I hope we can all climb out of the muck of hooey and counter-hooey one finds on the internet.

  5. Evan Carroll Says:

    The problem here is you simply believe they are assigning too much blame to the Fed. I frequent this blog a lot, and enjoy most of the posts. But, I think you’re making a huge jump off the cliff in your accusations: let me summarize you’re case.

    Some radical Christians have been found to put all of the blame for the dollar’s decline on the Fed.
    The Texas State Board of Education employs radical Christians.
    The Texas State Board of Education wants to put some or all of the blame for the dollar’s decline on the Fed.
    Therefore, The Texas State Board of Education is attempting to assign blame to the Fed because they’re Christian.

    It doesn’t hold. It is factually incorrect. Stop it! Here are some alternative more plausible explanations:

    (a) They’re libertarians.
    (b) They listen to the arguments by their ultra-conservative representatives such as Ron Paul.
    (c) Not exclusive to (a) or (b), they have legitimate reasons they understand full to want to cast light on the fed: many of us do.

    I consider myself a liberal. I reside in Texas. And, I don’t mind telling you the current control and power wielded by the Fed specifically is scary. I also read the phrase, “inception of the Federal Reserve System in 1913” to be the start of a new era of monetary policy — just as much as a statement assigning blame. This to me seems for the most part perfectly valid. At the very least, just as valid as “explain the growth in trade amongst European nations since the adoption of the Euro” indicates the start of a new era of trade — just as much as it assigns the reason to be the “adoption of the Euro.”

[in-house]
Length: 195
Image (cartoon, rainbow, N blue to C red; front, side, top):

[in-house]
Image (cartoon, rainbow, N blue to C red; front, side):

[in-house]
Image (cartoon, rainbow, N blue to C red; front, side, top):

6. TFN Says:

    Evan,
    You might be right that some board members wanted that standard because they’re libertarians or support Ron Paul. It’s certainly possible. But considering the history of these board members and public statements they have made on various issues, we know their fundamentalist religious beliefs influence their decisions on issues before the board. So it’s a fair question to ask whether Neal Frey and other religious extremists are influencing them. As we note in the post, it wouldn’t be the first time that’s happened.

  7. Joshuajudgesruth Says:

    I wonder why they don’t cite the specific Bible verses regarding the gold standard. Maybe because there aren’t any?

  8. David Says:

    Evan,
    Not only do these nitwits have a history of shooting their mouths off on subjects about which they have absolutely no knowledge or understanding, they have been remarkable consistent and persistent in doing so.

    I too have concerns about the Fed and Wall Street, corporate feudalism replacing our system of government, etc. That’s why I’m finding credible information and learning more about it.

    To say that these folks are knee-jerk in their response to “Christian-right” stimuli is an understatement. They have the thoughtfulness and deliberation of bacteria.

    I wouldn’t waste your time cutting them any slack, if I were you. They’ll just disappoint you. They just need to go home and get out of the curriculum biz.

  9. Charles Says:

    Hi all. I have a new job and will not be posting as often as in the past—or as long. On this federal reserve issue, I think it all really boils down to religion and the area where I live—photocopied and transplanted to Texas.

    “Pinot Noir” on a wine bottle around my parts is:

    “Pine Knot No Ear”

    Keep up the good fight folks. See you in church or somewhere else.

  10. David Says: